Letter: Art and the masses

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Sir: Scene: the Pitti Palace, Florence. One American to another: 'So how long before Raphael were the Pre-Raphaelites?' As I recall this recently overheard exchange, I find myself in sympathy with Bryan Appleyard who writes poignantly of the dispiriting effect of mass tourism ('Vanishing down a Grockle Duct', 30 June). Nevertheless, I feel his analysis lacks honesty.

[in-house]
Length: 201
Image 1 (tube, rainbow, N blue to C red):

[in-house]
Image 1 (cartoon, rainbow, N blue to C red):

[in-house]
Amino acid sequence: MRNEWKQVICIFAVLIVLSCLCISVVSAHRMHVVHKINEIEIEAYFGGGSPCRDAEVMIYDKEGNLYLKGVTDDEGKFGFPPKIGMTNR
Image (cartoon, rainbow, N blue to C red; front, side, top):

What he objects to is the presence of these people. We, the educated, are the cultured ones and is it not objectionable that we should have to endure all these ghastly philistines who interrupt our quiet contemplation? Maybe, but it should be remembered that the 'cultured elite' for whom these works were created would not have included either Mr Appleyard or myself. He ought also to reflect that the architecture of grand public buildings does not have a single purpose, but is intended as much to overawe the masses as to please the cultivated.

It is perhaps a consolation that those venerable old buildings, the debasement of which it is tempting to lament, continue to perform so


Yours faithfully,


London, N1

30 June